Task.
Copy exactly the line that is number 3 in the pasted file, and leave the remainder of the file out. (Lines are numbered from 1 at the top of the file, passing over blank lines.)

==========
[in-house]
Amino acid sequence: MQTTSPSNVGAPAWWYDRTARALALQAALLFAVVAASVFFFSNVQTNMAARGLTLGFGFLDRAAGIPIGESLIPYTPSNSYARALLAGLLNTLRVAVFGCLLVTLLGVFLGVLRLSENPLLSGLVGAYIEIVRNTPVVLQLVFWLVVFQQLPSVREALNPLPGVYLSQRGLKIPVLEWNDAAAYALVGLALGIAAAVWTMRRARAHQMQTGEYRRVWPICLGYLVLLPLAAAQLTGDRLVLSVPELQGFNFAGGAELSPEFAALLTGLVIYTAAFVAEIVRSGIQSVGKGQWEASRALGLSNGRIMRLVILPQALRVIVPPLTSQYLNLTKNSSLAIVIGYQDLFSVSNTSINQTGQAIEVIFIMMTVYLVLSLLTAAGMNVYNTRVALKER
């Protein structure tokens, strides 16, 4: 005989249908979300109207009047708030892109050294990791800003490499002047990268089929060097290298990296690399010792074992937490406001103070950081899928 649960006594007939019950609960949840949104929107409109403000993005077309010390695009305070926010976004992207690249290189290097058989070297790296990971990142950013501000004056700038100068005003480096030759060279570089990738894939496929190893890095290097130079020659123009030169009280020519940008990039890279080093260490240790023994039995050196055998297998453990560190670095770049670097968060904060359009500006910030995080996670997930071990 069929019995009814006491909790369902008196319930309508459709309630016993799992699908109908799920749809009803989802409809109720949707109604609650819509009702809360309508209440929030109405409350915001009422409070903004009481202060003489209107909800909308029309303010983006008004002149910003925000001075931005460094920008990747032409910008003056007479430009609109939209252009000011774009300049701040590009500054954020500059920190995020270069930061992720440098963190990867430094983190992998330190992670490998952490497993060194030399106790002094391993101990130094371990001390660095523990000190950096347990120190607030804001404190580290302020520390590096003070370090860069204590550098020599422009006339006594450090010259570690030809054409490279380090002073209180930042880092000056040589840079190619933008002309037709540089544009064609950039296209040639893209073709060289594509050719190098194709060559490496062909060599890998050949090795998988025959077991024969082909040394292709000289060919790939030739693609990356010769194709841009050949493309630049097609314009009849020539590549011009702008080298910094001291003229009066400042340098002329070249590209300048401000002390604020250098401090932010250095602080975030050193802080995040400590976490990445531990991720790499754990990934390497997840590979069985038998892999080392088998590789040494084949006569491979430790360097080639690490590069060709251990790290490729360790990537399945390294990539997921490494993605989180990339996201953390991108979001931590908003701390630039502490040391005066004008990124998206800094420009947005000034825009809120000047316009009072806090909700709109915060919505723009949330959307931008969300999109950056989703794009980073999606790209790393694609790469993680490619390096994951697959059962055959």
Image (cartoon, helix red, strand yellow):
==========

């Protein structure tokens, strides 16, 4: 005989249908979300109207009047708030892109050294990791800003490499002047990268089929060097290298990296690399010792074992937490406001103070950081899928 649960006594007939019950609960949840949104929107409109403000993005077309010390695009305070926010976004992207690249290189290097058989070297790296990971990142950013501000004056700038100068005003480096030759060279570089990738894939496929190893890095290097130079020659123009030169009280020519940008990039890279080093260490240790023994039995050196055998297998453990560190670095770049670097968060904060359009500006910030995080996670997930071990 069929019995009814006491909790369902008196319930309508459709309630016993799992699908109908799920749809009803989802409809109720949707109604609650819509009702809360309508209440929030109405409350915001009422409070903004009481202060003489209107909800909308029309303010983006008004002149910003925000001075931005460094920008990747032409910008003056007479430009609109939209252009000011774009300049701040590009500054954020500059920190995020270069930061992720440098963190990867430094983190992998330190992670490998952490497993060194030399106790002094391993101990130094371990001390660095523990000190950096347990120190607030804001404190580290302020520390590096003070370090860069204590550098020599422009006339006594450090010259570690030809054409490279380090002073209180930042880092000056040589840079190619933008002309037709540089544009064609950039296209040639893209073709060289594509050719190098194709060559490496062909060599890998050949090795998988025959077991024969082909040394292709000289060919790939030739693609990356010769194709841009050949493309630049097609314009009849020539590549011009702008080298910094001291003229009066400042340098002329070249590209300048401000002390604020250098401090932010250095602080975030050193802080995040400590976490990445531990991720790499754990990934390497997840590979069985038998892999080392088998590789040494084949006569491979430790360097080639690490590069060709251990790290490729360790990537399945390294990539997921490494993605989180990339996201953390991108979001931590908003701390630039502490040391005066004008990124998206800094420009947005000034825009809120000047316009009072806090909700709109915060919505723009949330959307931008969300999109950056989703794009980073999606790209790393694609790469993680490619390096994951697959059962055959």